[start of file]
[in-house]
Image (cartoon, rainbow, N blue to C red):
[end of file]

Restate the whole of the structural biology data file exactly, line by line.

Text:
[in-house]
Image (cartoon, rainbow, N blue to C red):